I read with great interest the comments of Michael Boskin concerning the differences between the stock market crash of 1929 and the recent selloff in stock markets worldwide (Times Board of Economists, Nov. 8).
Boskin makes many telling points regarding the dissimilarities between recent events and those of a half-century ago. But his relative optimism is at times based on some debatable propositions concerning the reasons for the severity of the debacle of 1929.
Boskin's view that the Great Depression cannot be repeated is a rather common opinion among economists today, that the contemporary business cycle has been tamed by a new wisdom and learning regarding policy formulation and incidence.
But to say that the Great Depression was primarily the outgrowth of policy errors is an extremely problematic position unsupported by historical facts.
President Franklin D. Roosevelt's efforts to balance the federal budget and the Federal Reserve Board's decision to tighten the money supply in the early 1930s were actions fully in accord with previous practice that seemingly had worked during earlier recessions, such as the post-World War I slump.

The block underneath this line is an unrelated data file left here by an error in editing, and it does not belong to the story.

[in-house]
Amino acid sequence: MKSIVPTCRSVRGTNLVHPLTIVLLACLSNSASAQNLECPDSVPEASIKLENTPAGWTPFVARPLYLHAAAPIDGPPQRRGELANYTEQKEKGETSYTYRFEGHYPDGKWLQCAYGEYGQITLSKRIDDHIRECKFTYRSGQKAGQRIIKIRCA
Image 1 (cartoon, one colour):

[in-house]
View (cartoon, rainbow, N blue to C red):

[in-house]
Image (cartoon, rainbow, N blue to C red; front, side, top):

Understanding the severity of the slump in the '30s requires an evaluation of how the structure of the nation's economy had changed in the inter-war period (so that) policy wisdom suddenly became obsolete.
Failing this, one is left with the rather unsatisfying (and unconvincing) claim that what went wrong in the '30s was that politicians and policy-makers suddenly became extremely ignorant and inept at their tasks.
Boskin's claims concerning the negative impact of the Smoot-Hawley Tariff are beyond dispute, generally speaking. But (because) the percentage of gross national product accounted for by export trade was insignificant throughout the inter-war period, such a claim tells us more about the problems facing certain foreign economies than about those facing the United States at the time.
Certainly we have come a long way in formulating appropriate counter-cyclical measures to combat downturns. But the success or failure of particular government actions cannot be judged solely by resort to theoretical (and contemporary) formulas.
Each historical case must be evaluated in light of all the available evidence. One wishes history were tidier than this. It is one of its enduring (and perhaps appealing) qualities that it is never so.
MICHAEL A. BERNSTEIN